It was in one of his perceptive moments that the late and often clever Jimmy Cannon characterized boxing as "the red light district" of sports. This was certified once again last month when Buster Douglas prostituted the world heavyweight title that is supposed to stand for some kind of valor and gave boxing a worse name than was already burdening it.
Against Evander Holyfield, Douglas spat on the title he owned, trivialized it, never bothered to defend it, and accepted a third-round knockout. Two weeks later, in a television interview, he even managed to exceed the disgrace of that night.
Without apology for his ugly disinterest in making a fight of it, he said, "We all made out very well that night," thereby proving he is, additionally, shameproof. He seemed to be saying that handing over his title to Holyfield on a platter for a $19 million paycheck was not a boxing sin. He had been terminated by Holyfield with one punch in Round 3. Douglas was disinclined to get up off the canvas.
It was one more item in boxing's often unsavory history. On the sidelines that night was Don King, who, for agreeing to be uninvolved in the promotion, got a juicy $4 million payday. He had claimed to have some kind of contract rights on Douglas.
King and his machinations that enabled him to control the heavyweight title for more than a decade recalls the boast of the late famed fight manager, Al Weill: "Thirty years in boxing and never pulled on a glove."
It hasn't been a pure industry. Jake La Motta admitted in a congressional hearing that he accepted a $100,000 bribe to take a dive to Billy Fox in their fixed fight in 1947. For years, Damon Runyon concealed the truth that he owned pieces of so many fighters he publicized. Mobster Frankie Carbo, who decided who would and would not fight in Madison Square Garden, died in a California prison, where he was serving time for extortion. There were other scandals, of course.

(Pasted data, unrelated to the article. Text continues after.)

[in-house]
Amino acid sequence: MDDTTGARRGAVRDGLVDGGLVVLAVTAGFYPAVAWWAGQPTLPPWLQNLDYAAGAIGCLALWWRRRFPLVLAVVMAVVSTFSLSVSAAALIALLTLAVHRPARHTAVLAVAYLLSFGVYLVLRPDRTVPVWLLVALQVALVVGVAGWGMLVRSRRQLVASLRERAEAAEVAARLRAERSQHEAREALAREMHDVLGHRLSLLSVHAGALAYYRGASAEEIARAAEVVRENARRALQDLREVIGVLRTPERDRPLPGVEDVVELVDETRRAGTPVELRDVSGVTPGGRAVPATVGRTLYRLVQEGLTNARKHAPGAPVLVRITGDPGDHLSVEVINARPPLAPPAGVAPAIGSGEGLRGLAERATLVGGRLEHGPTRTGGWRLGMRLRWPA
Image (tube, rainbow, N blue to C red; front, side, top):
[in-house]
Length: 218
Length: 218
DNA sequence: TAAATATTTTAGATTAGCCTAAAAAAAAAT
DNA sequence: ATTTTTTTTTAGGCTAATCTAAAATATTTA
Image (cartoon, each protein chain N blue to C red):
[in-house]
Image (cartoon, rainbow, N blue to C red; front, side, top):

Boxing's people easily excuse some of the lesser sins as mere peccadilloes. It is testimony that one fight manager who used to be a railroad brakeman was fondly called Honest Lew Diamond on the premise that he never stole a freight car.
Buster Douglas also became a candidate for a prize for sheer chutzpah when he suggested there could be a rematch with Holyfield. Certainly not by public demand. It was evident from the opening bell that only one of the two men came to fight. Douglas chose a new role for himself as the Ferdinand of Heavyweights, reluctant to do battle and showing up only to smell the $19 million paycheck for a short night's work. At an appalling 246 pounds, he brought into the ring with him a vast waistland, offering Holyfield a bay window of opportunity. Holyfield didn't ignore it.
There can be huzzahs for Holyfield. He could have licked better fighters than Douglas that night. He seems to have graduated from the light heavyweight class with honors, and has all the requirements of a valid heavyweight champ who someday soon will be in there with Mike Tyson.
Meanwhile, there is the George Foreman factor, which has become one of boxing's outstanding mischiefs. Incredibly, he will be fighting Holyfield for the title in April, back in there as a challenger 17 years after he was dethroned by Muhammad Ali. He is now a resurrected, 41-year-old relic of the ring, who ran out of breath against Ali in the eighth round in Zaire.
To accommodate American television, they fought at 4 a.m. local time, each getting $5 million for his share, and causing Bud Collins of the Boston Globe to observe the irony of it: "Two men caught fighting outdoors at four in the morning in the U.S. would be run in by the police."
No less than a miracle of our times is the creation of Foreman as a challenger nearly 15 years after he put boxing out of his life to devote himself to Godliness in a Houston storefront church. He has evolved as an ambling Alp of a fighter, hideously overweight and waddling, yet has become a gate attraction despite his wooden movements in the ring that bear little resemblance to the boxing arts he once knew.
For this new venture, Foreman will get an $8.5 million payday, but his advantage in height and reach will be as meaningless against Holyfield, as were Douglas's. Like Douglas, he never gets up on his toes, and on the flat of his feet, forfeits the big reach advantage. Realistically, Foreman is a knockout waiting to happen, and not in his favor. Holyfield will probably leave him for ring dead early in the fight, which will go into history as boxing's latest hoax.